Montana House District 71
Politics have always interested both of Montana’s 2020 House District 71 candidates. Ken Walsh, the Republican candidate, and Ian Root, the Democratic candidate, are running for an elected office for the first time in the 2020 general election.
Walsh got involved in politics when he retired as owner of the Ruby Valley Bank in Twin Bridges this year. Walsh said retirement has allotted him time to commit to House District 71’s representative in the Montana Legislature.
“I poured all my resources into my job,” Walsh said. “I’d expect my elected officials to do that an equal amount.”
Root has been following politics since he was a 7-year-old in a t-shirt supporting the 1956 Democratic candidate for president, Adlai Stevenson. He continued to participate in politics from marching in Washington D.C. against the Vietnam War to becoming the Chairperson of Madison County’s Democratic Committee. Root entered the race for Montana House District 71 in response to President Trump’s election.
“Democracy is in danger,” Root said. “I’m running to protect democracy.”
The Montana House of Representatives goes into session with the Montana Senate for 90 days every year. The state legislature is responsible for enacting new state laws, appealing or removing existing state laws and balancing the state budget with the governor.
The state legislature is also made up of dozens of committees to address bills and issues for new legislation. Both candidates for Montana House District 71 said they would be interested in joining the House Business and Labor Committee.
Walsh said he understands the struggles that small businesses face from his experience as a banker and small business owner. Certain regulations restrict businesses, according to Walsh. He identified high costs for workers’ compensation and healthcare as issues impacting small businesses.
“It’s great to have compensation, to have those benefits,” Walsh said. “But the state needs to help provide those benefits or require less from [small businesses].”
Montana’s 66th legislative session passed bills from the Montana House Business and Labor Committee like House Bill 92, which generally revised insurance laws, and House Bill 373, an act revising insurance producer affiliation regulations.
One of Root’s campaign promises is to support raising the minimum wage to $20 an hour. He also wants stronger unemployment laws to benefit employees rather than the employers.
“They’ve stacked the deck against workers,” Root said. “Raising the minimum wage is the most important thing that I could push.”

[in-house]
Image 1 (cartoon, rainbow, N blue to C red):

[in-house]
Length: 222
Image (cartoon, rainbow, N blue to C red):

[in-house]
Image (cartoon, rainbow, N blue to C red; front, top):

Bills on minimum wage and workers’ compensation also came from the Business and Labor Committee in Montana’s 66th legislative session. House Bill 84 proposed the minimum wage be raised to $15 by July 1, 2020. The bill did not pass and the minimum wage in Montana is $8.50.
Montana’s 67th Legislative Session Jan. 2021 will have many new and deepened challenges due to the COVID-19 pandemic. Montana legislators could be deciding on legislation dealing with COVID-related issues, like paid sick leave, different teaching platforms in the education system and healthcare accessibility.
Root also prioritizes free public education from Pre-K though college and supports universal healthcare but said he could settle for doubling Medicaid Expansion. Montana Department of Health and Human Services reported Montana’s Medicaid enrollment increased 87% from 2013 to 2019, covering over 278,000 Montanans.
“My shoulders are rounded from compromise,” Root said.
Walsh prioritizes Montana’s natural resources and water rights for all users. He wants Montana’s laws to adjust with the new difficult challenge of COVID. He said that state regulations in its education system limited schools’ abilities to adjust to the public health crisis. Walsh expects healthcare to be another industry that could see certain changes due to the pandemic.
“It’s not just money that’s going to be an issue but policy too,” Walsh said. “To accommodate the needed changes, open the box and start thinking outside of it.”
The candidates live at different ends of Madison County, which encompasses most of Montanan House District 71. But the district also covers the southern corners of Silver Bow and Jefferson counties.
Walsh said he advocates for “less rules and more common sense.” According to Root, he offers House District 71 an alternative option to a party that has entangled themselves with “a dictator, a mob monster.”